Judge halts arms plot trial over MI5 entrapment

18 June 2010
Belfast Telegraph

A MAN arrested in an MI5 sting against dissident Republicans could be freed if the prosecution does not contest a judge's ruling that a Secret Service agent over-stepped the mark.

Belfast Crown Court judge Mr Justice Hart yesterday agreed to a defence application on behalf of Desmond Paul Kearns (44) that his trial be stopped because he'd been 'entrapped' by the agent known only as 'Amir'.

But the judge in the Diplock trial refused a similar application on behalf of one of Kearns' co-accused Paul Anthony John McCaugherty (43). He was said to have tried to negotiate with another agent called 'Ali'.

If the prosecution decides not to contest then Kearns, from Lurgan, will be freed. The case against him on charges of plotting to possess guns and explosives, will be 'stayed' or 'stopped'.

Mr Justice Hart said that having reviewed the evidence "the edifice of the prosecution case now rests on inadequate foundations and therefore that edifice cannot stand".

Mr Justice Hart said that given the evidence of two meetings between Amir and Kearns in particular, that the Lurgan man acted in the way he did because he'd been 'entrapped' during the operation against the Real IRA.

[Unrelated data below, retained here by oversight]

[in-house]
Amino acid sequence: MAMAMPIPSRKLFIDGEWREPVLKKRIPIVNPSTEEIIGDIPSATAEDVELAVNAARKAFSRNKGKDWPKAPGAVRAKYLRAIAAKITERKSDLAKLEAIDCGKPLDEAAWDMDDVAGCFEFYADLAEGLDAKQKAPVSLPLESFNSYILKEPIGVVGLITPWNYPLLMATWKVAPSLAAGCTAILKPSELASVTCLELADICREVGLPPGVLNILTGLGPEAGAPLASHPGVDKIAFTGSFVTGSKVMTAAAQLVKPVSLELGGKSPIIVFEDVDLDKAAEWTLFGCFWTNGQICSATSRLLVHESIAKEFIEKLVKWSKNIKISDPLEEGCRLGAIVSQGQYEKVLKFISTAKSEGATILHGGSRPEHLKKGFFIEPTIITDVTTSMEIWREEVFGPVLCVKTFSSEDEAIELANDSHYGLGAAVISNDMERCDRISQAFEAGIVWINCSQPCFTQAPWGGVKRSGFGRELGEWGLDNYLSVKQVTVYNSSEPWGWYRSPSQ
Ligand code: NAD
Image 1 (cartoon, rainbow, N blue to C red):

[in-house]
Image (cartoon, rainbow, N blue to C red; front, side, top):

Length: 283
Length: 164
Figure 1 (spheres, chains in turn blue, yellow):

"The defence has satisfied me that Kearns conduct was brought about by the misconduct of Amir during those meetings, that the offences were artificially created by that misconduct, and that the administration of justice would be brought into disrepute where the prosecution permitted to continue," said Mr Justice Hart.

Refusing the application on behalf of McCaugherty, also from Lurgan, Mr Justice Hart said it did not follow that because he'd ruled Kearns' case be stayed, his case should also be stopped.

He said by refusing his application, it did not mean the court was arriving at a verdict in McCaugherty's case as all of the evidence had not been given.

Mr Justice Hart said he was only taking the prosecution case at its height and that it was open to McCaugherty to give or call evidence on his behalf.

The judge said at present there was nothing to suggest in his case that the agent 'Ali' did nothing more than "skillfully and convincingly play the role of an arms dealer", and as such there were no grounds to stop McCaugherty's trial.

He faces a total of six charges including conspiring to get arms and explosives, IRA membership and three charges of using money for terrorism purposes. A third man Dermot Declan Gregory (41), from Crossmaglen, denies two charges of making property available to terrorists.

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